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Fine image of the shipwreck and mooring of Hans Staden, during his voyage to Brazil, published as part of De Bry's monumental Grands Voyages.

Hans Staden was a German soldier and explorer who voyaged to South America in the middle of the sixteenth century, where he was captured by the Tupinambá people of Brazil. He managed to survive and return safely to Europe. In his widely read account describing his travel and captivity, he claimed that the native people that held him captive practiced cannibalism. His reports Brazil dominated European interpretations of the region during the 16th and early 17th centuries.

The places named on the map are: Brikioka, Insula S. Vincetij, ItengeEhm, and S. Maro.

Hans Staden

In 1554, during a maritime expedition intended to deliver provisions to the beleaguered French Huguenot colony in Rio de Janeiro, Staden's ship ran aground near present-day São Vicente. Consequently, he found himself stranded in unfamiliar territory.

Subsequent to the shipwreck, Staden was taken prisoner by the Tupinambá, a tribe distinguished for their ritualistic cannibalism. Their tradition posited that consuming adversaries allowed for the assimilation of their attributes and prowess. Staden's previous captivity by the Tupiniquim, the Tupinambá's adversaries, exacerbated the tribe's suspicion towards him, leading them to surmise a potential alliance between him and their foes.

Throughout the duration of his nine-month captivity, Staden faced perpetual threats of sacrifice and ritualistic consumption. To evade such a fate, he employed various strategies, inclusive of demonstrating proficiency with the arquebus, asserting spiritual prowess, and emphatically distinguishing himself from the Portuguese, whom the Tupinambá deemed enemies.

A notable tactic involved Staden convincing the tribe of his divine protection. He exhibited this by public prayer and, leveraging his knowledge of European astronomy, predicted a lunar eclipse, asserting it as evidence of his spiritual ascendancy.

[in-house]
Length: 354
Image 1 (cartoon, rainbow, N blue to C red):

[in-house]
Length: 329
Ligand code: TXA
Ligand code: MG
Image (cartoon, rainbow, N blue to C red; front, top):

Such stratagems not only facilitated Staden's survival but also engendered a degree of trust and esteem from certain tribal members. After enduring myriad tribulations, Staden was eventually liberated through the intervention of a rival indigenous group.

Upon repatriating to Europe, Staden documented his Brazilian odyssey in the tome "True History: An Account of Cannibal Captivity in Brazil," published in 1557. This work has been esteemed as a pivotal primary source on indigenous Brazilian culture during the 16th century, while simultaneously influencing European conceptions of the New World.

Staden's narrative serves as an invaluable lens through which the multifaceted interactions between European explorers, colonizers, and indigenous populations during the early colonial period in Brazil can be examined. It illuminates the intricate dynamics that characterized the age of exploration.

Theodor De Bry Biography

Theodor de Bry (1528-1598) was a prominent Flemish engraver and publisher best known for his engravings of the New World. Born in Liege, de Bry hailed from the portion of Flanders then controlled by Spain. The de Brys were a family of jewelers and engravers, and young Theodor was trained in those artisanal trades.

As a Lutheran, however, his life and livelihood were threatened when the Spanish Inquisition cracked down on non-Catholics. De Bry was banished and his goods seized in 1570. He fled to Strasbourg, where he studied under the Huguenot engraver Etienne Delaune. He also traveled to Antwerp, London, and Frankfurt, where he settled with his family.

In 1590, de Bry began to publish his Les Grands Voyages, which would eventually stretch to thirty volumes released by de Bry and his two sons. The volumes contained not only important engraved images of the New World, the first many had seen of the geographic novelties, but also several important maps. He also published a collection focused on India Orientalis. Les Grands Voyages was published in German, Latin, French, and English, extending de Bry’s fame and his view of the New World.